Alan's film log

it’s funny how the colours of the real world only seem really real when you viddy them on a screen.

Canadian Group Delivering Water to Detroit to Protest Shutoffs

markruffalo:

This is kind of embarrassing. You have American’s who can’t find the heart to help these people so now we have the Canadians coming to the rescue. We are thrilled to spend trillions of dollars in war in other countries to “Help Them” but can’t find the heart to put these people on a payment plan they can afford. “Values”?

cinephiliabeyond:

On the set of his early short film, From the Drain  (1967), director David Cronenberg films Stefan Nosko, with the assistance of Sound Recordist Margaret Hindson, courtesy of David Cronenberg: Virtual Exhibition.

You’d expect a bit of strangeness from David Cronenberg‘s student films, but for most of its short length, From the Drain, which he made in 1967 while attending the University of Toronto, seems to deliver strangeness of an unexpected kind. Playing more like Waiting for Godot than his later vivid-to-the point of harrowing pictures like Crash, Videodrome, or The Fly, this thirteen-minute black-and-white film, only Cronenberg’s second, presents us with two fellows seated, fully clothed, in a bathtub. The situation looks bizarre, and as soon as the players start talking, it reveals itself as even more bizarre than we’d thought: evidently, one of these men has mistaken the tub for “the Disabled War Veterans’ Recreation Center.” The conversation continues without its participants leaving their porcelain confines, making a certain kind of sense on the surface but none at all beneath. This feels almost like the realm of Monty Python’s Flying Circus, which wouldn’t debut and begin exerting its vast influence on young comedic filmmakers until 1969. —From the Drain: a creepy comedy David Cronenberg made in film school


If you are a fan of David Cronenberg, then I would absolutely recommend checking Long Live the New Flesh: The Films of David Cronenberg  (1986), Videodrome: Forging the New Flesh  (2004), and David Cronenberg and the Cinema of the Extreme  (BBC, 1997).



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cinephiliabeyond:

On the set of his early short film, From the Drain  (1967), director David Cronenberg films Stefan Nosko, with the assistance of Sound Recordist Margaret Hindson, courtesy of David Cronenberg: Virtual Exhibition.

You’d expect a bit of strangeness from David Cronenberg‘s student films, but for most of its short length, From the Drain, which he made in 1967 while attending the University of Toronto, seems to deliver strangeness of an unexpected kind. Playing more like Waiting for Godot than his later vivid-to-the point of harrowing pictures like Crash, Videodrome, or The Fly, this thirteen-minute black-and-white film, only Cronenberg’s second, presents us with two fellows seated, fully clothed, in a bathtub. The situation looks bizarre, and as soon as the players start talking, it reveals itself as even more bizarre than we’d thought: evidently, one of these men has mistaken the tub for “the Disabled War Veterans’ Recreation Center.” The conversation continues without its participants leaving their porcelain confines, making a certain kind of sense on the surface but none at all beneath. This feels almost like the realm of Monty Python’s Flying Circus, which wouldn’t debut and begin exerting its vast influence on young comedic filmmakers until 1969. —From the Drain: a creepy comedy David Cronenberg made in film school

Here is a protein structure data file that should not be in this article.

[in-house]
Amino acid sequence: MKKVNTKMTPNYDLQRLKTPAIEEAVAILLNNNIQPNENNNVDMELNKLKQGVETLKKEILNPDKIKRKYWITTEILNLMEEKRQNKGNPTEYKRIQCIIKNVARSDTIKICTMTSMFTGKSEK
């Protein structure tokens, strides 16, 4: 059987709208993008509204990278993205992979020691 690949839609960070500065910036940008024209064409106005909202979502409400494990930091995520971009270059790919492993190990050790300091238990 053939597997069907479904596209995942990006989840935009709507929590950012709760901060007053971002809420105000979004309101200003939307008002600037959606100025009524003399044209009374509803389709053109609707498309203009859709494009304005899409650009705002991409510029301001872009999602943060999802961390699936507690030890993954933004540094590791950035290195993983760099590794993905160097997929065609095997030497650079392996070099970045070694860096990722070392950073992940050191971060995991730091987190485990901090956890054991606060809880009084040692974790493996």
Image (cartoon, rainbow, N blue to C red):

If you are a fan of David Cronenberg, then I would absolutely recommend checking Long Live the New Flesh: The Films of David Cronenberg  (1986), Videodrome: Forging the New Flesh  (2004), and David Cronenberg and the Cinema of the Extreme  (BBC, 1997).

For more film related items throughout the day, follow Cinephilia & Beyond on Twitter. Get Cinephilia & Beyond in your inbox by signing in. You can also follow our RSS feed. Please use our Google Custom Search for better results. If you enjoy Cinephilia & Beyond, please consider making a small donation to keep it going:

message from the sound department

Organising the audio from ‘Autumn Leaves’ and Ive just realised something. NOT A SINGLE END SLATE MISSED.

We only did like 3 of them BUT I’M TAKING THAT AS A VICTORY FOR SYNC.

10 of my most hated things to hear on low/no budget films.

alansfilmlog:

Here’s a top ten of my most hated things to hear on low/no budget film sets. I’ve heard all these more than a couple of times now, luckily not by those I regularly work with but I’ve included what is said each time by my INNER VOICE and how this sometimes differs from what is said by my ACTUAL…

been reminded of some of these recently so thought i’d reblog myself.

doing some tests …………….. noiring it up to the max!

doing some tests …………….. noiring it up to the max!

morgansmovies:

As Edgar Wright leaves the directors chair on Marvel’s upcoming Ant-Man film, is this a secret message of support from Joss Whedon?
Creative differences were cited as the reason for Wright’s departure but given the depth and involvement that he had in this film, something doesn’t add up.
Perhaps Whedon knows a different, real, reason. I doubt we will ever know.

morgansmovies:

As Edgar Wright leaves the directors chair on Marvel’s upcoming Ant-Man film, is this a secret message of support from Joss Whedon?

Creative differences were cited as the reason for Wright’s departure but given the depth and involvement that he had in this film, something doesn’t add up.

Perhaps Whedon knows a different, real, reason. I doubt we will ever know.

the world is yours!

RIP

H.R. Giger

REST (short film)

added a page to my tumblr with my short film REST.

me by the uber talented Anna Crolla

me by the uber talented Anna Crolla

me on the set of Andy Stewart’s INK by Erin McGill

me on the set of Andy Stewart’s INK by Erin McGill